Learning About La Tène
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Categories: Ancient

Learning About La Tène

a laminate bookshelf with an assortment of books on armour, fencing, ancient Greece and Rome, and tabletop roleplaying games
My copy of “Greece and Rome at War” gets to hang out with its friends in the spare bedroom

Most people interested in ancient warfare know about the swords, spears, shields, and wheeled vehicles from La Tène in western Switzerland. Peter Connolly painted pictures of them which were printed in a number of his books. A chat with Prof. Dr. Marc-Antoine Kaeser of the Laténium in Switzerland pointed me to some articles where I learned more about these ancient wooden objects.

La Tène is the bank of a river which was drained in the 19th century, whereupon ancient timber and iron started to emerge from the mud. Wet muddy sites can protect objects from rotting, but as they dry they shrink or split. The excavators before and during the First World War tried various methods, and also made plaster casts of some of the objects. Most of their attempts to preserve these objects were unsuccessful, but the plaster casts, paintings, and drawing survive. The three famous shields in the museum on Lake Neuchâtel with iron remains are not the actual shields. They are moulds made from the plaster casts, while the wooden shields fell apart.

The original archaeological reports are quite good at describing objects, and specialists have re-examined the traces of the shields. So the crumbling of the shields is not a disaster. But its good to know that the situation is not quite the same as readers of Peter Connolly’s books might think (and to know where to find more detailed information than fit in his books which were mainly about Acheans, Greeks, and Romans not Helvetii or Britons).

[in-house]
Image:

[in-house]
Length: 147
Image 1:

Further Reading

Reginelli, Gianna. Le Mobilier en Bois du Site de La Tene. Mémoire de license, Université de Neuchâtel, Séminaire d’archéologie préhistorique, Octobre 1998.

Gassmann, P. (2007) “Nouvelle approche concernant les datations dendrochronologiques du site éponyme de La Tène (Marin-Epagnier, Suisse).” Jahrbuch Archäologie Schweiz 90 (2007) pp. 75-88 (read 14 May 2023)

Gianna Reginelli Servais et Christian Cevey, “Des moulages à valeur d’originaux : L’exemple de La tène,” In Marc-Antoine Kaeser (ed.), L’âge du Faux: L’authenticité en archéologie (Hauterive: Laténium, 2011) pp. 196-199

(scheduled 30 January 2023)

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4 thoughts on “Learning About La Tène

  1. dearieme says:

    Forgive an ignorant question. I’ve heard of the La Tene and Hallstatt cultures but I’ve never seen a discussion of the evidence that they spoke Celtic languages. Is there any doubt in the matter; is the evidence conclusive?

    1. Sean says:

      Sorting out “Celtic languages” v. “La Tène archaeological culture” v. “people Greeks and Romans called Celts” is a mess (see Simon James’ The Atlantic Celts: Ancient People or Modern Invention? for one discussion). I think the earliest and furthest eastern evidence is the Lepontic inscriptions from the Swiss-Italian border country which mostly seem to be in a Celtic language (a complete list here). For Gaul and Britain I think most of the evidence is place, personal, and divine names on coins and offerings. My understanding is that the vast majority of linguists agree that those names are in the same family as modern Gaelic, Welsh, and Breton but there are debates about the order in which they broke off from each other eg. https://en.wikipedia.org/wiki/Celtic_from_the_West

      1. dearieme says:

        Many thanks.

  2. How Thick Were La Tène Shields? – Book and Sword says:

    […] 2023-05-14: P. Gassmann examined two fragments of the second shield, which he believed was made of two planks split from a […]

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